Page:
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"All right," I said. "What do we need before we can go in?"

We were back in Jean Wallace's battered green van again, heading out of Downtown. Not wanting to trust 'Hawk's mask spell (he said it didn't work on security cameras, just natural or cybered vision), we'd waited in the van while Jean had gone into a clothing store to get us some clean stuff. This had to be serious, because 'Hawk didn't even complain about having to wear off-the-rack. He didn't show it, but I got the impression that this whole organlegging thing had spooked him a bit too.

Organlegging. Even the word sounded distasteful. I'd heard of it—hell, everybody who watched the trid or lived in the Sprawl had heard of it. But I had always thought it was kind of an urban legend, like alligators in the sewers or the chiphead babysitter who'd nuked the baby in the microwave, thinking it was a turkey. At the very least, I figured it was mostly urban scavengers who picked up fresh dead bodies and sold them to disreputable body shops who salvaged what they could, with an occasional unfortunate getting bumped off and stripped. But the thought of an organized organlegging operation, an operation that purposely grabbed essentially healthy people for the purpose of stealing their organs and implanting them in paying customers, turned my stomach. The fact that there were doctors involved made it all that much worse.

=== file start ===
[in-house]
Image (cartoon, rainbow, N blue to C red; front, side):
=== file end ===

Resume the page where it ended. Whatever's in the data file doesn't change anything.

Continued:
I wondered if Tommy was still alive, or if all this was going to be for nothing. No, I corrected myself. Not nothing. If we could expose this gruesome operation, it would be worth it. Some things went beyond money (though I fully intended to hit Johnson up for some more yen if we were successful in getting Tommy back alive; ten K wasn't enough for the kind of grief we'd already been through. It was going to cost that much just to replace 'Hawk's car and the weapons that had been in the trunk.)

"What do you guys need?" Jean asked. "Got the clothes covered. Anything else?"

We're gonna need some better gear," I said. "My SMG blew up with the car. I've got a couple more guns at home, but I'm a little nervous about going there."

"What about what you've got?" she asked.

I shook my head. "No, they're bound to be armed, and I'm not gonna get through that with a Predator and a monowhip. Even if we're sneaking in, which I think we'd better try to do."